People have used groundwater for thousands of years, especially in arid regions such as the Middle East and North Africa, where hand-dug wells and subsurface tunnel systems collected and diverted it for early societies. These ancient methods amounted to skimming the shallow groundwater off the top of massive aquifer systems—the vast stores of invisible groundwater beneath the continents that account for more than 95 percent of all circulating fresh water on Earth.
Throughout history as cities grew, new water infrastructure was built to supply this vital resource to increasing numbers of people. Initially, urban dwellers carried water from hand-dug wells and lakes and streams that ran through the city. As cities advanced, engineers built aqueducts and canals to import water from great distances. Among the engineering marvels of the ancient world, the Roman water system of elevated aqueducts, underground piping, and the world’s first sewer network is an iconic example of the ingenuity that made possible Europe’s first city of a million people.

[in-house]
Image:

In March 2018, torrential rains poured over the Australian Outback in the state of Queensland. The water pooled and began dispersing into rivulets for a long march to the Lake Eyre basin, which bottoms out 50 feet below sea level—the lowest point in the country. Over the course of weeks, the runoff filled innumerable channels that in turn fed into three river basins—the Georgina, Diamantina, and Cooper Creek—and advanced toward Lake Eyre like one massive aquatic organism, transforming a sweltering and inhospitable landscape into one alive with plants, wildlife, and birdsong.
In the spring of 2018, Cape Town, South Africa, narrowly escaped shutting off drinking water taps for its 4 million residents. Three consecutive years of drought had dried up its reservoirs. City officials began publicly announcing “Day Zero”—the date water would no longer flow to household faucets. At that point, residents would need to retrieve their rations of drinking water from one of 200 distribution stations around the metropolis.